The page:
EFCC/Judicial Reports

Alleged plastic surgery: Witness testifies against Dr Anuoluwapo in court


Alleged plastic surgery: Witness testifies against Dr Anuoluwapo in cour

A Federal High Court in Lagos, on Wednesday, October 14, 2020, heard that a defendant, Dr. Anuoluwapo Adepoju standing trial over alleged evasion from investigation, had promised to successfully enlarge the buttocks of patients who patronised her clinic.

A witness for the Federal Competition and Consumer Protection Commission (FCCPC), Mrs Suzzy Onwuka, said this under cross examination in the ongoing trial of Adepoju, a Lagos surgeon, charged with alleged evasion from investigation into a reported case of failed plastic surgery.

The defendant is charged alongside her clinic, MedContour Services Ltd, on a five count charge bordering on a refusal to honour an invitation for investigation as well as production of investigation document.

She was re-arraigned on July 17, alongside her medical outfit, before Justice Mohammed Liman.

She had pleaded not guilty to the charges and was granted bail on self recognizance.

At the last adjourned date, the witness (Onwuka), had began her testimony and had narrated before the court how the commission had failed in its attempts to secure the presence of the defendant for investigation into the allegations.

When trial resumed on Wednesday, an amended charge was read over to the defendant who again pleaded not guilty to all counts and trial continued.

The witness who had concluded her evidence in chief at the last date, was cross examined by defence counsel, Mrs Maria Jones, who asked the witness when the complaint was made against the defendant.

In response, the witness told the court that the complaint was filed against the defendant in April, although she could not remember the exact date.

When asked what false statement was made by the defendant that warranted this charge, the witness replied: “The defendant had guaranteed and assured her patients that she was going to enlarge their “butts” without side effects and that it was going to be a surgery that won’t affect their lives.” 

When defence counsel asked the witness ‘what do you mean by butts’.

The witness replied, “I mean, the complaints received showed that the defendant had promised to enlarge the buttocks of her clients without side effects.”

She told the court that consumers of the defendant’s services, subsequently complained that her surgeries fell short of what she had guaranteed after they had patronised her.

On whether it is the duty of the FCCPC to investigate medical issues without recourse to the appropriate medical body, the witness replied:

“The FCCPC is concerned with consumer of products and services and so, if the commission gets a complaint from consumers of goods and services, it is empowered to investigate such complaint.”

On whether if the law setting up the commission allows it to demand for the document it requested from the defendant, the witness replied that the law allows it as far as it affects consumers.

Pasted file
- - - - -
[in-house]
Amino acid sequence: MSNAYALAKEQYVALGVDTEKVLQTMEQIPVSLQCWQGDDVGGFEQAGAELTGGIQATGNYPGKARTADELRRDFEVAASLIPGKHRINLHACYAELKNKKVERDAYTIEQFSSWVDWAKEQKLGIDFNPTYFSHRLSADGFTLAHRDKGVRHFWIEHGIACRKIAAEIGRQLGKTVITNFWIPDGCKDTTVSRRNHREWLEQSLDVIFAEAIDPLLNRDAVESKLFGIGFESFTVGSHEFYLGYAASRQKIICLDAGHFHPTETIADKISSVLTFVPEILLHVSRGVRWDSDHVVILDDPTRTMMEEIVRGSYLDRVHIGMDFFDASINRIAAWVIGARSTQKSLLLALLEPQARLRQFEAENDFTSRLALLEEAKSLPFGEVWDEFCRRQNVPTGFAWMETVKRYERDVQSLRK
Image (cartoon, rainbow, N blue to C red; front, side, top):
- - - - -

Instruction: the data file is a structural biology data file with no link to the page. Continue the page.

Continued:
When asked if the FCCPC carries on its activities on social media, the witness told the court that the commission has its lawful place of business even though it has presence on social media.

According to the witness, after invitations to the defendant to report to the Commission for investigation failed, the defendant was seen to have  posted on her social media page that the Commission had no powers to investigate her.

The witness told the court that consumers of the defendant’s services are out there on social media and also saw her post, adding that although the Commission had written to the Nigerian Medical Association, they were yet to receive a response till date.

Defence counsel then questioned the witness on the defendant being detained at the State CID Panti for three days, and the commission didn’t give the defendant paper to make a statement before detaining her for three days.

The witness replied: ” I don’t know about that”.

According to the witness, the defendant failed to honour several invitations for investigation by the commison, even when she had  the liberty to honour such invitation.

The witness also told the court that when the Commission eventually gained entrance into her medical premises, a call was placed across to her by her gateman, but she had refused to speak with the Commission.

When defence counsel asked the witness if a different law applied to the FCCPC in Nigeria, the prosecutor, Mr Abimbola Ojenike, raised objection on the grounds that the witness was not in a position to speak on such question.

The court upheld the objection of the prosecution.

The witness told the court that the defendant never showed up for investigation inspite of requests by the Commission, but rather, displayed on her social media page that the Commission had no right to investigate her.

On whether the Commission had worked during the COVID-19 lockdown, the witness replied, “Yes, we are essential services.”

In the five count charge brought  against the defendants, the prosecution alleged that without sufficient cause, the first defendant failed to appear before the FCCPC in compliance with the commission’s summons dated April 15.

The prosecution also alleged that without sufficient cause, the first defendant also refused and failed to produce document which she was required to produce in compliance with the commission’s notice of investigation dated April 14.

The defendant was alleged to have prevented and obstructed the commission from carrying out its investigation into the said issue.

The offences contravenes the provisions of sections 11(1)(a), 33(1)(a), 110, 113(1)(a) and 159(4) of the FCCPC Act, 2018.

However, trial was adjourned till December 2, 2020.


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